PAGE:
The most common complaint today from the riders was of tired legs, sore backs, necks and shoulders and just generally feeling fatigued to the point of making it hard to concentrate fully while in the peloton. Which is about normal for this stage of the game. Eventually we rolled into Toowoomba, arriving spot on our scheduled time of three-pm. Sammi-Jo was invited to lead the huddle and she did a wonderful heartfelt job. While three cheers were reserved for our youngest ever Smiddy helper in Shak, who at just six years of age did a great job of helping out her Mum Rebecca to look after the riders. Tonight I was joined by my family for the speeches and journal reading. Mum and Dad turned up for dinner before heading home early, while my Brother Terry and his wife and their son Craig joined for the after dinner activities. It was an emotional night with Jess sharing the story of her Auntie just being diagnosed with cancer, and Simon Small sharing his inspirational story of serving with his best mate Gordy in the armed forces and that in a very short space of time his mate will pass on. Julie did a fine job of reading the blog and Row was awesome as usual giving a rundown of the day in his own unique cheeky way. Pete Dyer also spoke about prevention through regular check ups, the value of giving blood, watching what we eat and please don't smoke. No problems on all those fronts in this group mate.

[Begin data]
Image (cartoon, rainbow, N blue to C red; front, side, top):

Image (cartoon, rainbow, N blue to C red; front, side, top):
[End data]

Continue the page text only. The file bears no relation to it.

Get to know our exceptional road crew
To finish with I wanted to give you a sneak peek at our road crew. So I asked Jess to give us a rundown of each of these beautiful people who have given up five days of their personal time to support the 20 strong peloton who are cycling day after day on this 900km journey. Each road crew member has contributed in an individual, exceptional  way - a way that won't soon be forgotten.

Wendy McQueen
This lovely lady is a full time pediatric physiotherapist at the Royal Brisbane Hospital, and has a personal history with cancer.  Wendy generously gave up her time to join the road crew, and has contributed endless support, delicious treats, hugs and massages to our riders and crew. Wendy's beautiful cheery disposition and calm 'can do' manner has kept spirits high throughout this ride, and we will be forever grateful.  

Sammi-Jo
There is not one member of this ride who has not been touched by Sammi's infectious energy and gorgeous smile. Sammi is an exceptional massage therapist who has been only too happy to use her healing hands (and sometimes knees and feet) on anyone in the team who needed it. Sammi has managed to make everyone's heart lighter on this physically and emotionally challenging journey.

Donna McMahon